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Retailers resist note-coin exchange


Zimbabwe’s retailers are reluctant to trade United States dollars for rand coins, and banks, which have been importing and stockpiling the money to ease low-value transactions, are in a dilemma — whether to convert the stocks back into notes to retrieve the money for business or wait for government intervention.
Consumer Council of Zimbabwe (CCZ), a local consumer watchdog, thinks the government should urgently consider statutory intervention if the crisis drags.
“We plead with the Minister of Finance, Tendai Biti to intervene. He should have outlined measures in his mid-term fiscal policy review last week,” Rosemary Siyachitema, CCZ president, said. “We are going to ask government to act on this as a matter of urgency.”
John Mushayavanhu, the Bankers Association of Zimbabwe (BAZ) president, confirmed that banks are currently sitting on huge stocks of coins imported from South Africa, which remain uncollected.
“Our retailers are reluctant to exchange US dollars for rand coins because they don’t want to trade at the ruling exchange rate.
“ They are used to an informal 1:1 rate. They think they will be incurring exchange losses.”
But Denford Mberi, the Zimbabwe Retailers Association chairman, said: “Acquisition of coins increases costs of running businesses. Ordinarily costs are recovered through higher prices and therefore ought to be discouraged.”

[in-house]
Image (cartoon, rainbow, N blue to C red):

“Our suggestion is to exchange coins with equivalent notes at no extra charge other than the ordinary bank charges. Introducing exchange rate risk as you suggest may discourage or limit accessibility of coins.”
“Free exchange of coins with the equivalent notes when coins are available at Banks will make coins easily available for change in retail outlets. Easy availability of coins in retail outlets automatically eliminates the need to use products as change.”
Consumers described the behavior as strange and deviant, adding it raised suspicions that the retail firms did not want an end to a crisis that has benefitted them for one and half years.
A crisis of change has placed consumers at the mercy of unscrupulous retailers who only get change by chance. For the most part, they are either asked to spend small units of change on unwanted goods or get a credit note for future purchase from the same outlets, or forego the change altogether.
Rayer Murima, a Harare consumer, said the currencing commodities — the use of goods as currency — tends to promote predatory pricing, where small items are sold at above-market prices.
“Whenever supermarkets don’t have change, they ask you to buy something more. This is affecting our budgets. The way they price their goods is some kind of trap to force you to buy more,” Murima said.
“I hate to spend my money on useless items, or things I don’t really need. Worse, the small items are waywardly priced. A lollipop, for instance, costs as much as 20 cents. It’s out of this world. It’s some form of institutionalised robbery. It should stop.”
Biti also blames the current bout of inflation on said excessive consumption spending driven by the currencing of commodities.

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